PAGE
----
Dvořak was a prolific composer for the orchestra and his ninesymphonies form an essential part of symphonic repertoire, although theoverwhelming popularity of the last, \From the New World", has tended todistract attention from the earlier symphonies. The group of symphonic poemswritten in 1896 and 1897 are of particular interest, coming as they do threeyears after the last symphony and exhibiting a musical language based to someextent on the intonations of speech and generally associated therefore ratherwith the work of Mussorgsky and Janacek. These compositions in any caserepresent a departure into territory more familiar from Liszt or RichardStrauss in their use of extra-musical elements.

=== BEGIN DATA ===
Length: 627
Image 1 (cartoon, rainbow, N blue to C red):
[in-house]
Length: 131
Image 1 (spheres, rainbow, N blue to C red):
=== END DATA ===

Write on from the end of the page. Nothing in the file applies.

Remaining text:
Four of the five symphonic poems of Dvořak are based on poems byKarel Jaromir Erben, a collection of ballads published under the collectivetitle of The Garland. The second of the set, The Noon Witch, has a very preciseprogramme, outlined in the composer's correspondence. In the opening bars achild plays quietly, turning his attention to a toy cockerel, while his motherprepares dinner. She is cross with the child, who cries. His mother thenbecomes angrier still and scolds her son, threatening him with the noon witch,whose maleficent activities are confined to the hours between eleven o'clockand midday. The child grows calmer, as the scene is repeated. In what is theequivalent of a slow movement the noon witch, small, brown and wild in look,with a sheet drawn over her head, slowly opens the door and approaches themother, this represented by bass clarinet and muted strings, followed by thewitch motif from bassoon and bass clarinet. In livelier music from horns andtrombones the witch demands the child, but the mother in desperation holds thechild to her, while the witch tries to seize him. An Allegro, with piccolo,flute and oboe, describes the witch, as she dances round. The mother screamsand almost dead and scarcely breathing collapses. At this point the noontidebell is heard, deterring the witch. In the following Andante the father of thefamily prays, not knowing what has happened. He opens the door of his house andcomes in to find his wife lying without sign of life. He tries to revive her andshe starts to breathe again. He becomes more agitated, more particularly whenhe finds his child dead. In the final bars the witch vanishes.